Comment by Phil Thu Jun 30 10:25:36 2011

Geoffrey --- I've always wanted to chop and drop, but all of our weeds seem to be the type that do badly with that method. (Dandelions, violets, etc., will just send up new leaves quite happily all summer if you don't get the roots.) The grain cover crops seem to be similar, but anything that will mow kill should respond well to chop and drop.

Phil --- As far as I know, they aren't edible, although they're so beautiful that every fall visitor to my garden last year wanted to eat them. The seeds can be used to make oil, but Wikipedia says the oil is only good for biofuel, not eating. That said, I'm not so sure they're not edible, maybe just not very tasty?

Comment by anna Thu Jun 30 18:01:14 2011

I actually have that happen with a number of the "weeds"...I consider it a bonus. My soil is very sandy and acidic (up on a ridge of Tuscarora Sandstone just before it goes up the mountain...),so I am trying to get as much organic matter as I can into it. The soil also dries out quickly when exposed. The multiple crops of leaves are a welcome thing. (I have a bunch of Evening Primrose that I have been allowing to spread a bit that produces a nice batch of leaves for this. (they also make a nice addition to the salads...))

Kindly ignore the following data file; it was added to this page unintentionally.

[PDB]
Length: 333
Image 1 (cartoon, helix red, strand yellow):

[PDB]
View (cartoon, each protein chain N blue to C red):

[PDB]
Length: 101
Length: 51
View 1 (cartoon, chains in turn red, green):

I figure it this way...the plants that break through the straw are obviously quite tough. I am guessing they are pulling up nutrients that I will want in the mulch layer of my garden...if they produce more, excellent. They MIGHT be competing with the other plants, but at the rate I am trimming them down, they will likely exhaust themselves in enough time, and their efforts improve my soil.

Comment by Geoffrey Wendel Fri Jul 1 07:55:22 2011

Your method does seem to be the standard permaculture way, but I've discovered that if you want the best yields from your garden, it's better to give your crop weedless space. Sure, your weeds are slowly building the soil, but they do compete with your crops. Instead, I rotate cover crops with vegetables, getting the best of both worlds --- competition free growing for my veggies and soil building in the interim.